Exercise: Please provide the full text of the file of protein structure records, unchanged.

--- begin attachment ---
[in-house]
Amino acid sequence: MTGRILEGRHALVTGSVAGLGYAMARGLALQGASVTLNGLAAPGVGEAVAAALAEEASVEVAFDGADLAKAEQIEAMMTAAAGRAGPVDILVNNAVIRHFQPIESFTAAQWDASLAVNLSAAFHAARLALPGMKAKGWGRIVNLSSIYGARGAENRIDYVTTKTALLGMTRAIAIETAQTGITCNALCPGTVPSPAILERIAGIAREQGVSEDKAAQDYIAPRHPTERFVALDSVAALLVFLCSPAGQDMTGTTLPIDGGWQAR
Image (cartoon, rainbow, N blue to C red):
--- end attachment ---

[in-house]
Amino acid sequence: MTGRILEGRHALVTGSVAGLGYAMARGLALQGASVTLNGLAAPGVGEAVAAALAEEASVEVAFDGADLAKAEQIEAMMTAAAGRAGPVDILVNNAVIRHFQPIESFTAAQWDASLAVNLSAAFHAARLALPGMKAKGWGRIVNLSSIYGARGAENRIDYVTTKTALLGMTRAIAIETAQTGITCNALCPGTVPSPAILERIAGIAREQGVSEDKAAQDYIAPRHPTERFVALDSVAALLVFLCSPAGQDMTGTTLPIDGGWQAR
Image (cartoon, rainbow, N blue to C red):